News in Brief
New breach occurs in Norton Point Beach
A narrow breach has occurred in the Chappaquiddick section of Norton Point Beach. Chris Kennedy, regional director for The Trustees of Reservations (TTOR), said the newest opening in the barrier beach that once separated Katama Bay from the Atlantic Ocean appears to be approximately 25 yards wide and six feet deep at low tide.
Last April, storm-driven ocean waves and powerful spring tides knocked open a breach in Norton Point Beach that soon became a wide channel cutting off land access to Chappaquiddick and leaving two long narrow spits of sand.
Mr. Kennedy said the new breach is located about 100 to 200 yards east of the major opening. Although he does not expect the newest channel to remain open for long, he has no predictions regarding the wider opening.
TTOR is responsible for management of much of the beach along Chappaquiddick, including the county-owned Norton Point Beach that separates the normally placid Katama Bay from the ocean.
The newest breach is a result of a relentless ocean battering. "The Chappy side of Norton Point has taken a real beating this winter," said Mr. Kennedy. "It's lost the majority of its dunes and over-washing from the ocean to the harbor is happening on a regular basis."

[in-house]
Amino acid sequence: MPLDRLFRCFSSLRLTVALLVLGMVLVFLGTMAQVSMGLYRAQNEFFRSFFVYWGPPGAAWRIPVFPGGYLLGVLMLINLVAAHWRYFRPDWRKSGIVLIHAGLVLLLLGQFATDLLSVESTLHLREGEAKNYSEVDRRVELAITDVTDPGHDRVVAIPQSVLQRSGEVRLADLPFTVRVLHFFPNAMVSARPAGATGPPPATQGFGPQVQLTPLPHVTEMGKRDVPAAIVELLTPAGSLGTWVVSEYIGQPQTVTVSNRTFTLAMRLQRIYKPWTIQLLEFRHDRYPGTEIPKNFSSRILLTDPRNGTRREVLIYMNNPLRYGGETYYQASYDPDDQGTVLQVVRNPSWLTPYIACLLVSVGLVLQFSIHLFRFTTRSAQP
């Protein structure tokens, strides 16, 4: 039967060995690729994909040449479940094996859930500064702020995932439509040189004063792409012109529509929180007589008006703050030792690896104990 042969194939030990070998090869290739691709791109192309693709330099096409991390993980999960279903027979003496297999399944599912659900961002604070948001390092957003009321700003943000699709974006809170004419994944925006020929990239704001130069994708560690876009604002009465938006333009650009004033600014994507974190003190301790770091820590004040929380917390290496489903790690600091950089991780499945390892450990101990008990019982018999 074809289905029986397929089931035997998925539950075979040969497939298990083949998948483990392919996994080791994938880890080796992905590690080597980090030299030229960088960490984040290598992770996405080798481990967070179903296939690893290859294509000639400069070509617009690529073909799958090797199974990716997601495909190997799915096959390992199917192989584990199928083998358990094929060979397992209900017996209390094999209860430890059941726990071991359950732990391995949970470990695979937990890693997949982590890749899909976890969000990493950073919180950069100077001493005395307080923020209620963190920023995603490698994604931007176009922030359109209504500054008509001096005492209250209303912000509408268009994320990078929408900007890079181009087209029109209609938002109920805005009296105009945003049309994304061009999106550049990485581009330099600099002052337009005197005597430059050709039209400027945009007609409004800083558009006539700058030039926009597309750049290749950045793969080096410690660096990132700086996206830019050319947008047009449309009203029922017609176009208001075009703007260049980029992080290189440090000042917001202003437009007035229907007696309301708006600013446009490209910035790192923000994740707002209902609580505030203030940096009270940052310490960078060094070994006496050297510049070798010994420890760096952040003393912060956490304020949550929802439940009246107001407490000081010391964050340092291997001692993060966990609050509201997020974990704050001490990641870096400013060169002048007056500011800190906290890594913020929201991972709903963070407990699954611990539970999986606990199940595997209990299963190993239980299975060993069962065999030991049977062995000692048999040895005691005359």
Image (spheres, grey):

Historically, storm breaches have occurred with some regularity in the two-mile long barrier beach. Over time the openings tend to migrate east and become narrower until the beach is once again whole.
Mr. Kennedy said the main opening appears to be relatively stationary. "It's really not doing anything at this point," he said.
Tisbury selectmen want Park/Ride rules enforced
Concerns about violations of Tisbury's Park and Ride parking lot rules by commercial vehicle owners dominated discussion at the town selectmen's meeting Tuesday night.
Selectman Tristan Israel said some companies are conducting business in the lot, and that others are ignoring a rule requiring them to purchase a sticker or annual pass to park more than one commercial vehicle more than 20 feet long in the lot. Tisbury Police Chief John Cashin said he will begin enforcing the rule more aggressively.
In other business, Department of Public Works (DPW) director Fred LaPiana reported that at a recent public hearing, the public works commissioners agreed not to hike sewer rates, which are two cents a gallon for wastewater and 15 cents a gallon for septage. Although trash collection stickers were not part of the public hearing discusssions, the commissioners also approved holding the price on those at $4.
Chilmark police search for stolen oyster drags
Chilmark Police are searching for oyster drags taken from boats belonging to commercial oyster fishermen John Larsen and John Armstrong. Each man's boat was rigged with two drags.
The men discovered the thefts of the pan-type drags when they went to go fishing on Monday March 3. Their boats were anchored together close to shore on private property near the end of Quansoo Road, according to Chilmark police officer Jeff Day.
Mr. Day said that in addition to the monetary value fishing drags are often passed down in families and have a certain sentimental value. He said both men serve on the Chilmark shellfish committee.
Anyone with information is asked to call the Chilmark Police at 508-645-3310.